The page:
Welcome to the wine section of our website. Our wine database lists the wines we have enjoyed over the years and is searchable by a range of parameters, including type, vintage year, price paid, when and where bought, wine region and grape(s). To see all the wines in the database (as opposed to just those currently in the cellar) select the option to include zero stock. If selecting by grape variety, see the help screen regarding loose v. STRICT.
One aspect of the composition of the cellar will not escape those with a keen eye, which is that is now predominantly New World, as opposed to Old World. Back in the 1970s the primary source of wine into the UK was France, then Italy, Spain, Germany and Portugal, with some fringe countries topping up the mix with cheaper wines. Examples such as Bull’s Blood (Hungary), Lutomer Riesling (Yugoslavia) and some dire Pinot Noirs from Romania spring to mind. Wine from Australia was epitomised by offerings such as Buckfast and Wincarnis ‘tonic’ wines; their main characteristic was that they were ‘beefy’.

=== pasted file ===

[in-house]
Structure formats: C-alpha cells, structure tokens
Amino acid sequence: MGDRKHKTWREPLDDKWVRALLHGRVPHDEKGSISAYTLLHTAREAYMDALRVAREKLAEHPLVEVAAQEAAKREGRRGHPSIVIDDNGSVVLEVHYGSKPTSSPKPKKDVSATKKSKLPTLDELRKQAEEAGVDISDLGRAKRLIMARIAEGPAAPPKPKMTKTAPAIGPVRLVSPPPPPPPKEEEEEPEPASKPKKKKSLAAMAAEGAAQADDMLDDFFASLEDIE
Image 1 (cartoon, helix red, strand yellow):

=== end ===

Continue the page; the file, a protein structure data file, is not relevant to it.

Most Old World wines majored on their terroir; where they came from. The grape from which they were made was something you only knew if you read up on the subject. Wines were (and in many case still are) labelled Chateau Margaux or Musigny (a red Bordeaux and red Burgundy respectively), Villa Antinori (Chianti) or Muga Gran Reserva (Rioja) — rather than Cabernet Sauvignon, Pinot Noir, Sangiovese or Tempranillo. Well the New World has changed all that, with grape variety now the primary piece of information on most mainstream wine labels. Why is this so important? Because if you know what grapes you enjoy — and even more importantly those you don’t — you can seek out wines made from those varieties.